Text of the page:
How to Give a Great Wedding Toast

Wedding toasts

Hey guys –  Boring your guests, insulting your inlaws, and pronouncing your love for your best friend’s wife are all pretty much faux pas in the game of life. So why the temptation when making a speech at a friend or family member’s wedding? Well, here are a few pitfalls to avoid, and a few tips to heed, when giving a wedding toast that will have people raving for generations to come. Check it out. Prepare for Your Wedding Toast. The first key to a great speech is preparation. Before you do anything, decide what form your toast will take. Will you write it out and read it verbatim, use notes for reference, or just wing it?

Generally speaking, just winging it is most likely to get you in trouble on the day. Don’t get me wrong, I’ve heard some great toasts that sound completely off-the-cuff, but they’ve always been from naturally gifted speakers, who I’d be willing to bet made some well-rehearsed mental notes going into it.


Writing Out a Toast

If you’re a great writer, there’s nothing wrong with writing out your entire toast. Your facile with language and ability to string together impressive sounding words won’t be lost on your audience if you read your toast with conviction. Just don’t get too stuffy – this isn’t a term paper or a TPS report.

You might also be most comfortable just making some notes to keep you on track as you go – this allows you a greater connection with your audience, and gives you the flexibility to see what’s working and what’s not as you give your toast.

Which is key, since there’s nothing sadder than watching a bad toast turn even worse, but it happens a lot. To start off on the right foot and avoid digging yourself into a big hole, try using this simple but universally effective game plan, patent pending.


No-Fail Toast Game Plan

Start by introducing yourself, and your relationship to the bride or groom. Explain how you know them, and how far the three of you go back. Next, go for the funny, but don’t be obnoxious. Share a witty anecdote about how you met either the bride or groom, and how their lives became better after they were together.

Talk about some quirky trait that one has which completely complements the other. Remember that wedding audiences are generally pretty easy – they’re all good friends, with their emotions at the surface, and they’re probably a little tipsy. So keep it all pretty clean and light – a good natured approach will get ‘em smiling and even laughing with almost no effort.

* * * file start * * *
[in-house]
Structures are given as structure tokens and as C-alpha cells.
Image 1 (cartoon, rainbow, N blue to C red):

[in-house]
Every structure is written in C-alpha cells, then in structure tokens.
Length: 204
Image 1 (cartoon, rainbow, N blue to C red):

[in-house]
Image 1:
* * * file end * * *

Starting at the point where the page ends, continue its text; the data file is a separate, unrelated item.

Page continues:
Make the Wedding Toast Emotional

Next, go for the tears. Once you have them laughing, they’re primed and ready for some good schmaltz. Talk about what an incredible couple they are, how inspiring they are to all those around them, and how the world is a better place with them together. Bring up the beautiful union of families, and hint about their incredible kids down the line.


Keep the Toast Positive

If you’re ever in doubt, go for compliments. These people have been through a lot to get to this day, and sometimes it’s just nice to hear how much your friends and family dig you. Whatever you do, remember that the goal is to NOT embarrass the bride and groom in front of everyone they know. This is a toast, not a roast. Also be sure to steer clear of these all-too common snares:

Wedding Toast Faux Pas

Don’t drink too much before your toast – a drink to loosen up is okay, but much more than that and you’ll be telling old college stories that are best left in college. Never use an insult of any kind – this is a festival of love, remember? Don’t use any corny one-liners, make sure that any humor in your toast comes from genuine sentiment, not Little Johnny jokes. Never mention ex-girlfriends or boyfriends, and be sure to give time to addressing both the bride and groom. And finally, don’t hog the spotlight – this day is about celebrating the wedding, not your toast.


Staying Cool During the Toast

But if all this sounds a little daunting, or if you’re simply terrified of speaking in front of other people, just remember this: keep it simple. Tell the bride and groom how much you care about them, and how much it means that they’ve included you in their wedding celebration. Wish them all the success in the universe, have everyone raise a glass, and give them a big hug. And if you mean it, you just might snag a tear or two.

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